As a proud member of the human race (and a card-carrying member of the Norwex Movement), you’ve decided to jump in and make a difference in this world. You see a need, and you have a few ideas that might help, so you’ve determined to get out there and take it on!
Members like you are at the very heart of what the Norwex Movement is all about—making small, conscious choices that will have a positive and hopefully long-lasting impact!
No matter how big or small it is, your community outreach project will be amazing! You’re doing the groundwork to make sure of that!
Now it’s time to think about who it is exactly that you want to reach.
Who is it that you want to become more aware of the problem or issue that you feel passionately about? Who is it that you want to join you in making a change for the better?
Your target audience includes not only your own team of volunteers, it also includes the people who will be impacted by your efforts.
Why is it important to think about your target audience and try to define who they are?
It’s important because the better you know them, the better you’ll know how best to reach them. In other words: by knowing your audience, you’ll know what makes them tick—and what they will respond to.
And getting someone to respond is the key to successful outreach.
Of course, determining who makes up your target audience depends largely on the goal you have in mind. If your goal is to “teach your family about the dangers of harmful chemicals in your home,” then your target audience is your family. That one is kind of a no-brainer.
But say your goal is to “clean up a city park.” Your target audience is likely to be the neighbors who live in the area surrounding the park. Or perhaps the owners of businesses near the park. Or maybe it’s the parents of the kids who use the playground equipment—or the kids themselves. It could even be the city government. Or maybe it’s all of the above.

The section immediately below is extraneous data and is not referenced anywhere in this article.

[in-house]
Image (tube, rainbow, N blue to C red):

And what if you want to not just clean up the park, but to keep it clean? How might that affect the makeup of your audience? The point is to 1) Make your goal as specific and achievable as possible and 2) Think about who will be receiving your message and the best way to talk to them.
Once you have a pretty good idea of who’s in your target audience, you can “aim” your message specifically at that group of people. (Or, in situations like the park cleanup example above, you could create versions of a message to aim at the various target audiences.)
When determining whom your target audience will be, try to stay as specific as possible. The more your audience has in common, the more effectively you can speak directly to them—and the more likely they’ll be to respond!
Take our Home Office Community Outreach Project, for example. Our target audience is “local business leaders.” This closely aligns with our goal of creating a forum for local businesses to talk about sustainability and help each other make positive changes. Now that we know who our audience is, we will do a bit of research to discover the best ways of reaching and connecting with them!
Now it’s your turn. Below are some examples of target audiences. Try to think of a few ways you could motivate each group. What tools would you use? What emotions would you appeal to?